Ancistrocerus parietum, a Mason Wasp

The Mason Wasps, genus Ancistrocerus, are all very similar. The basic color is black, covered with yellow lines and other yellow markings. The Mason Wasps all have a very thin connection between the thorax and the abdomen. The next segments are also rather thin, but increase in size. There are well over 12 Ancistrocerus species in Britain and they are very difficult to identify indeed. It is rather certain the animal on this page belongs to the Ancistrocerus parietum group, consisting of Ancistrocerus parietum, A. gazella and A. quadratus. Of these species A. parietum is most common in Holland, while probably A. gazella is most common in Britain. It is virtually impossible to tell the species apart by looking at photographs. The animals are about 1cm in size. Females vary from 10 to 13mm, males are slightly smaller and reach a bodily length of 8 to 11mm.

In spring time, usually by mid-April, the female appears and starts looking for a good place to build a nest. That may be a stem of reet or a hole in a tree used by a beetle to exit. But man made holes in wood are also accepted happily. The wider the hole the bigger the cells in the nest are. Bigger cells produce females, smaller cells males. Usually in one hole two cells are being made. Each cell is stuffed with 2 to 4 sedated caterpillars of moths. The egg is put on top of them and the cell is sealed off. To seal a cell a kind of fine loamy mortal is used, which the animal makes herself by chewing on clay. After hatching the larvae grow very fast indeed. That is the reason Ancistrocerus parietum has two broods a year. That is also the reason it is on the wing for a very long time and may be seen from April to the beginning of October. Being busy as she is, the female attracts a lot of attention. One of them is the beautiful, but very lazy Common Cuckoo Wasp. She keeps an eye on the Mason Wasp. And by the time the Mason Wasp is about to seal off a cell, the Cuckoo Wasp quickly deposits her egg on top of the Mason Wasp's. The cuckoo's egg hatches earlier and the first thing its larva does is eating the Mason Wasp's egg. Then it feeds on the caterpillars so neatly collected by the Mason Wasp.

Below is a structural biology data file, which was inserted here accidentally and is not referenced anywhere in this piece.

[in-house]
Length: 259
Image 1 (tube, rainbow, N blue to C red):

Of the similar Ancistrocerus species, both A. parietum and A. gazella are very common in Britain.

In the past Mason Wasps were considered to be closely related to the Potter Wasps and they are still often referred to as such.